REPORT OF A CASE
A 63-year-old previously splenectomized woman developed fever, shortness of breath, and a dry, nonproductive cough. She was admitted to a local hospital where her condition rapidly deteriorated. On admission to our institution, the patient appeared gravely ill and was in septic shock. A chest roentgenogram showed bilateral lower lobe infiltrates, and multiple blood cultures were positive for Streptococcus pneumoniae. Laboratory data were as follows: white blood cell count, 41.0 × 109/L; platelet count, 32.0 × 109/L; markedly prolonged prothrombin and partial thromboplastin times; low-normal fibrinogen levels; and circulating fibrin degradation products.Cutaneous examination showed widespread ecchymoses, hemorrhagic bullae, and dry gangrene of the digits on the hands and feet (Figs 1 and 2). A punch biopsy specimen was obtained from an ecchymotic area and showed epidermal necrosis with cleft formation between the epidermis and dermis. In addition, extravasated red blood cells were scattered throughout the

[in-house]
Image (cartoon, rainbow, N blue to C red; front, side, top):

Benson PM, Lupton GP, James WD. Purpura and Gangrene in a Septic Patient. Arch Dermatol. 1988;124(12):1851–1852. doi:10.1001/archderm.1988.01670120067013
Coronavirus Resource Center
Customize your JAMA Network experience by selecting one or more topics from the list below.
Create a personal account or sign in to: